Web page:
Supreme Court

Brett Kavanaugh Explains Why He Voted to Grant Buddhist Inmate's Stay of Execution

The Supreme Court ruled 7-2 last night to grant Patrick Murphy's petition for a stay.



The Supreme Court ruled 7–2 last night to grant a stay of execution to a man scheduled to be put to death in Texas.

Patrick Murphy, whose case I wrote about yesterday, was convicted under Texas' law of parties in the 2000 murder of a police officer. While he didn't pull the trigger, Murphy was involved in the robbery that led to his compatriots committing murder.

"I'm not challenging the guilt of the crime," he told CBS Dallas-Fort Worth this week. "My role was basically really to be the getaway driver."

Despite not having been directly involved in the murder, various courts have refused to grant him a stay of execution. But Murphy also alleged that his First Amendment right to freedom of religion was being violated. He converted to Buddhism while incarcerated, but the State of Texas would not allow his spiritual adviser to be by his side in the execution chamber, since the Rev. Hui-Yong Shih is not an employee of the Texas Department of Criminal Justice.

A federal district and circuit court would not grant Murphy a stay, meaning only the U.S. Supreme Court (or executive clemency) could spare his life. The Court came through on Thursday night, ruling:

The State may not carry out Murphy's execution pending the timely filing and disposition of a petition for a writ of certiorari unless the State permits Murphy's Buddhist spiritual advisor or another Buddhist reverend of the State's choosing to accompany Murphy in the execution chamber during the execution.

Clarence Thomas and Neil Gorsuch were the only justices who would have denied a stay. While the Court as a whole did not explain its reasoning, Justice Brett Kavanaugh did publish a concurring opinion detailing his own decision.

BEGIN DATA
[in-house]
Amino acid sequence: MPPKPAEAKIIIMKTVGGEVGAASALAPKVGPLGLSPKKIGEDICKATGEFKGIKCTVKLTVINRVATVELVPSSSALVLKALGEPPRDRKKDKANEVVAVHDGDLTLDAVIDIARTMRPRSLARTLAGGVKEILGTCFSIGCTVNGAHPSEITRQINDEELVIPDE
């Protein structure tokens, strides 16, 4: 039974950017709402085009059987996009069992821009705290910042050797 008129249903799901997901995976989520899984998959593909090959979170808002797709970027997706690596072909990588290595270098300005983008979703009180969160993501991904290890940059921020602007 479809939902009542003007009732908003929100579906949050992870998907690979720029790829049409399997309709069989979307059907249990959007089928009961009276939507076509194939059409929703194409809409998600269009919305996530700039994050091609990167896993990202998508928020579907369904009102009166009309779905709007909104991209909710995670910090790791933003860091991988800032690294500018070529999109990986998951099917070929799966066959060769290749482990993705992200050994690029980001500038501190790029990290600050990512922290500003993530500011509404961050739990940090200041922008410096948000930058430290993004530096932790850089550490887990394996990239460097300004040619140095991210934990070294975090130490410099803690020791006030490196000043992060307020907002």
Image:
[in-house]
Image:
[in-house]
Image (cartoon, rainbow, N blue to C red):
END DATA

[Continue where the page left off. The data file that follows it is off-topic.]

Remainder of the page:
"In this case, the relevant Texas policy allows a Christian or Muslim inmate to have a state-employed Christian or Muslim religious adviser present either in the execution room or in the adjacent viewing room," Kavanaugh wrote. "But inmates of other religious denominations—for example, Buddhist inmates such as Murphy—who want their religious adviser to be present can have the religious adviser present only in the viewing room and not in the execution room itself for their executions."

"In my view, the Constitution prohibits such denominational discrimination," he said.

There were two possible solutions, he added. The state could let religious advisers of all faiths in the execution chamber, or confine them to the viewing room. The key is equal treatment. The state cannot give preferential treatment to Christian or Muslim inmates over Buddhist prisoners, Kavanaugh said.

The Court's ruling surprised some observers, because it seemed to rule the opposite way in a similar case in Alabama last month. Dominique Ray, a Muslim inmate, wanted his imam to be by his side before he died. The state would not oblige for security reasons, since it does not employ any Muslim imams. But in that case the Court's decision didn't rest on the constitutional question: The justices ruled 5–4 that Ray had waited too long to file a petition for relief.

That did not seem to be an issue in this case, at least for Kavanaugh. The justice wrote in a note at the bottom of his concurring opinion that "Murphy made his request to the State in a sufficiently timely manner, one month before the scheduled execution."

According to UCLA law professor Eugene Volokh (of Volokh Conspiracy fame), the Court's most recent ruling may also reflect a backlash "from scholars whose views the justices respect" following their decision in the Ray case. "And of course justices should be open to changing their minds when they are persuaded that they were likely mistaken," he tells NPR.

Regardless of their reasoning, the ruling is most certainly a positive. As Ilya Somin notes today at The Volokh Conspiracy:

Whatever can be said about the procedural question, it's a good thing that the justices have taken a major step towards clearing up any confusion over their stance on the substantive one. Whether in death penalty cases or elsewhere, it is indeed impermissible for the government to discriminate on the basis of religion.

Murphy will now go back to death row.